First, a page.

POSTED: 01:30 a.m. HST, Oct 11, 2010
Dominant might be an understatement when describing Shell Va'a and its reign as kings of the Kaiwi Channel.
The Tahitian crew turned in another stellar run en route to claiming its fifth consecutive Molokai Hoe title, finishing yesterday's 41-mile race from Molokai's Hale O Lono Harbor to Waikiki's Duke Kahanamoku Beach in 4 hours, 38 minutes and 50 seconds — 15 seconds off the record time it set in 2008. The crew finished nearly 13 minutes ahead of the closest competitor and led a convoy of fellow Tahitians as Team OPT No. 1 (4:51:34), Team OPT No. 2 (4:55:57) and Paddling Connection Tahiti (4:57:19) filled out the next three positions.
Team Primo, a combination of paddlers from Maui and Oahu, was the first local crew to cross the line, finishing fifth in 4 hours, 57 minutes and 21 seconds. Lanikai No. 1 (5:05:10) and Hui Lanakila No. 1 (5:10:19) finished eighth and 10th, respectively. Rounding out the top 10 were: Outrigger Australia (sixth place, 5:02:12); Bora Bora Va'a (seventh, 5:03:47); and Erai Va'a Tahiti (ninth, 5:07:05).
Shell Va'a jumped out to the lead off the starting line and would never relinquish the advantage. According to official spotters, Shell Va'a held a 3-mile lead as it reached a point approximately 4 miles off Diamond Head and turned the event into a race against its own record time as competing crews were well out of the picture.
"This time I think it was a good challenge because there was a lot of good competition out there," said Shell Va'a president Richel Moux. "We were surprised with the gap between us and the other boats."
Steady tradewinds and a sheath of cloud cover provided paddlers with some relief from the extreme heat and humidity experienced in past years, but the choppy conditions and strong currents made for a laborious channel crossing that is often considered the world championship of long-distance outrigger canoe paddling.
"There were good conditions for a new record, good for us," said Shell Va'a paddler Loroland Tere of the near record-breaking performance. "It feels good. Molokai is a great race, and we will keep coming back."
Hawaii's best hope of reclaiming the race title was in the hands of Team Primo until an accident early in the race put the crew at a major disadvantage.
Each crew in the open division was allowed nine paddlers, who are used to fill the six seats in the canoe while the remaining members ride along in an accompanying motored escort boat. Crews then changed combinations throughout the race as a way to provide rest for certain paddlers while also making it possible to use certain racer's strengths when they are most useful along the course.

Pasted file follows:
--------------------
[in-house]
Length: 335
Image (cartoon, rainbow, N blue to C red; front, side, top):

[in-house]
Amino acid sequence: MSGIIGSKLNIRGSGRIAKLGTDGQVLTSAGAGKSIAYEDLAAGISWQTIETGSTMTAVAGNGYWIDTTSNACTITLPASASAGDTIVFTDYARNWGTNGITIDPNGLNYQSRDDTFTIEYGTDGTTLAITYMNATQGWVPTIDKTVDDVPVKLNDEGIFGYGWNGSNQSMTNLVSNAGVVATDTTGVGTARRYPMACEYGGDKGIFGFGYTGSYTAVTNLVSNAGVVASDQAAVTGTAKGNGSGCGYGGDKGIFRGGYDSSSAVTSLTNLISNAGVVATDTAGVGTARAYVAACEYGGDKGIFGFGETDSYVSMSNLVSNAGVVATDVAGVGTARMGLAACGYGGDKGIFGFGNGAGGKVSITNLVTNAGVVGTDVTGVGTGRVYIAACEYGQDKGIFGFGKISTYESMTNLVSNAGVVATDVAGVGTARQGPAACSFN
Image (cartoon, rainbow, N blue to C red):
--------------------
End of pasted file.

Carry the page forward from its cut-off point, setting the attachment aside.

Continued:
However, as Team Primo was performing its first crew change, paddler Peter Konohia dislocated his shoulder while attempting to enter the canoe from the ocean, and was taken to the hospital while his team was left a man short.
"All year, you train with nine, and you practice rotations with nine, so it can tax some guys more than others and it showed," said Team Primo's Kai Bartlett. "We're proud of what we did with what we were given. You've got to feel for Peter. He worked so hard and then can't even get in the boat. You can't control the events that happened, so there's no use crying about it."
After last year's runner-up finish to Shell Va'a by just more than 12 minutes, Team Primo had hoped to narrow the gap and possibly upset the Tahitians this time around. However, the reigning champions proved to be stronger than ever and left competitors shaking their heads in amazement yet again.
"Shell is definitely above and beyond, and it's always impressive when they come here, because they bring the sport to the next level," Bartlett said. "We'd like to expand (our) team a bit more and get a really competitive program going. We want to get the paddlers here to up the ante."
Outrigger Australia is also in the midst of building its team after forgoing the Molokai Hoe since its last appearance in 2004. While its sixth-place finish would be a welcome result by many of the crews who struggled through yesterday's rugged conditions, the Australian crew hopes to work its way into the championship mix in the coming years.
"We can't complain, but you'd like to be higher, so it's up to us to come back next year and try again," said Outrigger Australia paddler-coach Mike Murray. "Next year, we'll be back, and hopefully we can climb the ladder a little higher."